How to Control Smell in a Rabbit Hutch

The soft, furry pelts and gentle disposition of rabbits have helped them become a common species of small pet.

A clean rabbit hutch will minimize odors.A clean rabbit hutch will minimize odors.
Rabbits require few supplies and very little space to survive, although you should clean hutches often. If not properly cleaned, rabbit odors can become overwhelming. Control smell around your hutch through frequent cleaning and sanitizing.

Remove the rabbit from the hutch, and place it in a large plastic storage container. The container should be at least 24 inches tall to prevent the rabbit from jumping out.

Clean the hutch once a week, and slip on a pair of rubber gloves to protect yourself while cleaning. Humans can contract a number of illnesses from rabbits including parasites and salmonella, and rubber gloves will minimize the chance of contracting an illness.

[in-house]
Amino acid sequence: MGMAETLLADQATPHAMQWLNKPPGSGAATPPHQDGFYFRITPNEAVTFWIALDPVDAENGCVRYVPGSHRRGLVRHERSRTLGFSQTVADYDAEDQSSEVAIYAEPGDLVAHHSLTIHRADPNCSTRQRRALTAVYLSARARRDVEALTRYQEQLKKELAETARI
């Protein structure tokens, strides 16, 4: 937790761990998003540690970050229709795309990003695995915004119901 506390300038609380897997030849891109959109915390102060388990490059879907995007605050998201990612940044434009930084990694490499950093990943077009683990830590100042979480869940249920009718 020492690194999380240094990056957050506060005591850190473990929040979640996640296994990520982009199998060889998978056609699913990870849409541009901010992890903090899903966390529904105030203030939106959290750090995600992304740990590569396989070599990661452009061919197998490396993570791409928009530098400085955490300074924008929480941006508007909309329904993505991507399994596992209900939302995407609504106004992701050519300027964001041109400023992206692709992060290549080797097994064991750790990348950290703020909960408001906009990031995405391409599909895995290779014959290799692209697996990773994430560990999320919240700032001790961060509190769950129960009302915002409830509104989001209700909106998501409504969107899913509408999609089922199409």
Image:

Reach inside the hutch and throw the soiled bedding in a plastic garbage bag. Rake up feces around the bottom of the hutch and scoop them into the garbage bag with a shovel.

Fill a spray bottle with plain white vinegar and spray the inside and outside of the hutch. Vinegar is acidic while urine and fecal odors are alkaline, and the acid in vinegar neutralizes odors. Allow the hutch to air dry for 1 hour.

Sprinkle a thin layer of baking soda inside the hutch and on the ground around the hutch. Baking soda soaks up liquid and helps kill powerful urine odors. Add a fresh layer of baking soda every two days to keep odors down between weekly cleanings.

Add a clean layer of rabbit bedding to the hutch. Spread the bedding in an even layer along the bottom of the hutch, and place the rabbit back inside the freshly bedded hutch.

Things You Will Need

  • Storage container
  • Gloves
  • Plastic garbage bags
  • Rake
  • Shovel
  • White vinegar
  • Spray bottle
  • Baking soda
  • Rabbit bedding


  • Saw dust and wood chips are commonly sold as rabbit bedding, but recycled paper bedding is much more absorbent than wood. You can find recycled paper bedding at most pet stores.

About the Author

Louise Lawson has been a published author and editor for more than 10 years. Lawson specializes in pet and food-related articles, utilizing her 15 years as a sous chef and as a dog breeder, handler and trainer to produce pieces for online and print publications.